You can definitely work with your timing!  If you're doing a receiving line, then pictures you'll make it to the reception right at 5, it's just a matter of what your guests do for that time.  I was going to suggest the same thing as the PP, make a card with things to do in the area or create things to do at the reception hall that don't involve alcohol.  We had lawn games (crocette, bocce ball, ladder golf) set up at our reception for some pre-dinner fun.

    As for the dance and stuff, it depends a lot on how many guest you have.  Buffets actually take longer than a seated meal.  Call your reception hall/caterer and ask how long dinner will take, they'll have a good idea.  To save time you could have cake after the first dance.  It can just be a station that people walk up to and grab a piece instead of being served at the table.  I would suggest for your reception:

    5:00 dinner
    6:00 toasts (even if people are still eating)
    6:30 first dance
    7:30 cake

    That will give you a 3.5 hour dance, which is plenty long.  Good luck!">
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    Thanks!  Yes, we are pretty locked into the 2:30 and 5:00 times - way too many people to call or resend invitations, and we've already scheduled with the church and the reception site. 

    It definitely is not my preference to have so much time between the ceremony and the wedding, but I wanted to leave time for pictures and travel (reception is about 15-20 minutes from the ceremony).  I would have loved to have a cocktail hour, or even just appetizers or something, but we're talking hundreds of dollars extra and there's just no way we can do it.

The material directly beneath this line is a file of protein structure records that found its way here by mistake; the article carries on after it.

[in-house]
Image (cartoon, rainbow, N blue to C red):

I do plan to give out "welcome bags" with maps, etc. and will include local cocktail spots in that information (there's no bar that we can use at the reception site and we're not serving alcohol at all - too many recovering alcoholics on the guest list - so people will have to go to a bar down the street or back to their hotel.  We tried to make sure they had enough time to go to their hotel and freshen up or have a drink in between the events.

    Thanks for the advice and help!  I'm going to have to make the best of this timeframe.  Any other suggestions or ideas would be appreciated!!!

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    TALK TO YOUR DJ or BAND!  I had NO idea how I was going to fit everything in a 4 hour reception, and our DJ just outlined everything and REALLY helped us come up with a good flow.  Our reception will be a bit unique as we're just doing cake, champagne and dancing, but I would have been lost without this guy.  I think your band or dj or mc are your best resources for flow.  Hope this helps!
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    We have a gap between our ceremony and reception, because I didn't want dinner to start at like 4.  :)  Since our ceremony is outdoors in a field in the mountains, I am letting oot guests (and most guests are) know they can return to their rooms to change for dinner if they would like.  Also, I know it is going to help with guests with children having that break.  We are also doing photos outside of reception location with family and friends before dinner instead of at ceremony.  So, those available early can have photos with us since we couldn't afford to keep the photographer all night.  So, we have ceremony; Bride/Groom photos; go to reception location for photos with friends and family; reception and so on.  I wouldn't worry about cocktail hour.  Seems like your dinner starts early enough that guests won't be starving maybe just thirsty.  And drinks without alcohol aren't too expensive.  Good Luck.